Library spending reductions
Spending reductions for collections
Most of the Libraries' collections budget is tied up in expensive journal packages called “big deals," in which a few journals receive heavy use but the institution is required to pay for a considerable amount of little-used content. These bundled subscription packages have also been subject to inflation significantly above the national Consumer Price Index (CPI), at about 7% as the average annual rate.
While the University of Maryland has realized considerable cost avoidance from consortial licensing with the Big Ten Academic Alliance (BTAA) and other partners, several of the Libraries' major licenses are for these types of "big deals." The State of Maryland’s fiscal situation has also caused flat collections budgets over the past several years and the financial impact of the pandemic resulted in a permanent budget reduction in Fiscal Year 2021 (FY 21), with the anticipation of other pandemic-related reductions to come.
For all of these reasons, the Libraries' spending power for collections declines year by year, even if actual budget cuts do not occur. This greatly restricts the information that the Libraries can provide to the University of Maryland community. Even the best-funded library can only acquire a tiny fraction of the knowledge that is available for students, faculty, and other researchers.
|Fiscal Year||Institutional Base Allocation||Funding from Student Fees||Gift Funds||One-Time Funding||Total Funding||Spending Reductions to Stay within Budget|
Resource cancellation update - FY21 and beyond
A majority of the Libraries' collection budget comes through the institutional base allocation (state allocation), with additional funds received through student tech fee allocations, gift funds, and departmental support. In Fiscal Year 2021 (FY21), the Libraries avoided a large-scale systemic cancellation of resources, by using the Libraries' reserves and other one-time funding to absorb reductions internally. In FY22, the Libraries will make every effort to avoid a large-scale cancellation of resources, even as we continue to promote changes to what is increasingly an unsustainable, inequitable scholarly communication ecosystem.
Planning ahead for the continued impact of journal-package inflation in FY22 and beyond, library subject specialists continue to evaluate current subscriptions and licensed resources to identify items for possible cancellation. Over 3,500 resources in all subject areas are under review, crossing all disciplinary areas and formats.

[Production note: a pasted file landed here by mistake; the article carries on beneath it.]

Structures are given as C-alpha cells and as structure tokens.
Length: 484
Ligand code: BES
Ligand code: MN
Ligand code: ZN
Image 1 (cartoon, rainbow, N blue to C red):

In alignment with our guiding principles, the Libraries’ collections will focus on directly supporting UMD’s teaching curriculum and research priorities. As future cancellations become necessary, subject librarians will work with academic departments to identify alternatives to offset the impact of canceled resources.
The Libraries prioritize resources that support the current and future priorities of the curriculum and research enterprise of the University of Maryland. Collections budget-reduction decisions will focus on access vs. ownership, "just in time" vs. "just in case" purchasing, and digital content when possible. Examples of actions to meet this goal include the following, which we will implement in combination as required to address specific budgetary needs:
- Prioritize funding for Course Reserves and Interlibrary Loan (ILL) faculty requests in support of the University’s core educational and research mission.
- Minimize duplication of content across formats and platforms as much as possible. This strategy reflects a concern for maximizing both the collections budget and the Libraries’ limited shelf space.
- Prefer digital vs. print and other analog formats whenever possible
- Fund new models of evidence-based collection development and demand-driven acquisition.
- Support transformative publishing models that will help develop an economically sustainable system of scholarly communication.
- Make budget decisions that leverage Open Access (OA) resources, including journals, monographs, datasets and other OA content, as well as OA resources such as preprint services.
- Leverage consortia-based, cost-effective licenses for journal and e-book packages as much as possible and review all resources to ensure that they continue to serve the needs of UMD faculty and students.
The Libraries will regularly update this page as we finalize cancellation decisions. Subject specialist librarians will notify academic units and faculty of decisions and work with them to identify alternatives. Please check back soon for more information.
Timeline for 2020-2021 and 2021-2022 spending reductions